Written by: Cara Boyd, MMASc
Climate change has taken a back seat to the fight against the world’s newest rival, COVID-19.
Countries have been working tirelessly to tackle COVID-19; however, unsustainable behaviours associated with the effort threaten to further devastate the planet. Plastic has been framed as the ultimate protector against COVID-19, playing a major role in prevention and control measures.1 Whether it is masks, gloves, or countless bottles of hand sanitizer, plastic consumption and waste worldwide have increased significantly in the past few months.2 With increased usage comes increased disposal, which has been largely ineffective due to COVID-related disruptions to waste management systems.3 As the world aims to control one calamity, the plastic pandemic threatens to give rise to an entirely new wave of global devastation.
Since the onset of the pandemic, there has been an unprecedented amount of plastic produced, used, and discarded. On the frontlines, plastic is vital to prevent and control the spread of COVID-19, being a key component of disposable plastic gowns, masks, surgical gloves, and medical equipment, including ventilators and test kits.2,4 Experts recognize that there is a critical role for single-use plastics in the medical setting; however, some countries lack the system’s capacity to dispose of the overabundance of waste.2,5 The Asian Development Bank estimates that Manila, Philippines is producing approximately 309 tons of medical waste each day, which has been piling up in the city’s streets due to insufficient and overburdened waste management infrastructure.2 Many cities lack formal recycling systems and thus rely heavily on the informal networks of waste pickers. However, country-wide lockdowns have made it difficult for both formal and informal waste management networks to maintain collection schedules, lending to widespread plastic pollution.2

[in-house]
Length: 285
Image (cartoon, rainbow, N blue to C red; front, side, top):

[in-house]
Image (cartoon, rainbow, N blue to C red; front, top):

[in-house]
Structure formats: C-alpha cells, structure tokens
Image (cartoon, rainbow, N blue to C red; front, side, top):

Even outside of the healthcare sector, consumers are considering the packaging of products in hard, shiny polymers as essential to their safety. This misconception has been contrived by the plastics industry, as companies continue to conjure fear and uncertainty to exploit the current, lucrative climate for plastic production and consumption.1 In the United States, the Plastics Industry Association wrote to the US Department of Health pleading for a public statement on the health and safety benefits of single-use plastics.1 This department, like many others, is unable to make such statements, seeing as the research invalidates plastic’s “protective” image.6 A study published in the New England Journal of Medicine indicates that the virus, SARS-COV-2, is more stable on plastic than on cardboard, with the virus still living on plastic 72 hours after application.6
Despite findings suggesting that plastic may not be as safe as other materials, countless governments have halted single-use plastic bans, citing the need for “an abundance of caution” as justification.7 Sarah King, head of the oceans and plastics program at Greenpeace Canada, refutes the legitimacy and sustainability of using the precautionary principle when considering plastics.4 She argues that, as the literature states, conscious consumers should be allowed to maintain their waste-free shopping habits because “a cloth bag that is washed regularly is less likely to be contaminated than a plastic one.”4
Regardless of the evidence, retailers and consumers alike maintain that plastic use instills a level of comfort and safety. With many consuming from the comfort of their own homes, delivery services––and the plastic packaging that goes along with them––has created an overwhelming amount of additional waste.2 In Singapore, the country’s 8-week lockdown period saw 1,470 tons of plastic waste generated from takeout packaging and food delivery services alone.2 This unprecedented plastic consumption invites increases in plastic pollution, as discarded masks and other waste fills the streets of nation’s previously leading climate action, like Singapore.2